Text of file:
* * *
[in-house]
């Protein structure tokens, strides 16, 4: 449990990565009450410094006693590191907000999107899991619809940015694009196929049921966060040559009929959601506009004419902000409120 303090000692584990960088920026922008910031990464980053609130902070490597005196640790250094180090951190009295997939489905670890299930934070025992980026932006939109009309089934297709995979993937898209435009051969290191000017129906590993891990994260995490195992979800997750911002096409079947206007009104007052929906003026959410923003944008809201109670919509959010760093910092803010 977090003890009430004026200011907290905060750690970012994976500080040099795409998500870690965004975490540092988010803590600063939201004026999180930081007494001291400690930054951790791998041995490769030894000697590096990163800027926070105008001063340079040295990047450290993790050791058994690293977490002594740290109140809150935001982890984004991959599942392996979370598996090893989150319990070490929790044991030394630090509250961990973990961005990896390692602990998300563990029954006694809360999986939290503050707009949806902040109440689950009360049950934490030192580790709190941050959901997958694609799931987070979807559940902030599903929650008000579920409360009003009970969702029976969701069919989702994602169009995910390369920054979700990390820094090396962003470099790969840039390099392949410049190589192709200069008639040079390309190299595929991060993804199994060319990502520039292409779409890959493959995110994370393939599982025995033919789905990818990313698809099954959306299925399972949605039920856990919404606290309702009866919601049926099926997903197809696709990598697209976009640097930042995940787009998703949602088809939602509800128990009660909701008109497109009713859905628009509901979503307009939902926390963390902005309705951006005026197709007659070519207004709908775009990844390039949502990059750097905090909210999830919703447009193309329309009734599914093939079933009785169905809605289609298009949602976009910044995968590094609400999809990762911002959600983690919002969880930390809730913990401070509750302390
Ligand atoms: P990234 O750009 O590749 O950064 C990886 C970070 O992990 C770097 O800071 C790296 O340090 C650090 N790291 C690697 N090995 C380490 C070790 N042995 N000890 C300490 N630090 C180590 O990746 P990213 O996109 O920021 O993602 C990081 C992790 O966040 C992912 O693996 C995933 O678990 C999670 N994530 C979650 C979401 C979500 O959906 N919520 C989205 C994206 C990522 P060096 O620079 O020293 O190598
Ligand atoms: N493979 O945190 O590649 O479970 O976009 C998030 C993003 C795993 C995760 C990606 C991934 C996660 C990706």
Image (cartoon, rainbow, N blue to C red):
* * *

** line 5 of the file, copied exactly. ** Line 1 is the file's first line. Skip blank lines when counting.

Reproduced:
Image (cartoon, rainbow, N blue to C red):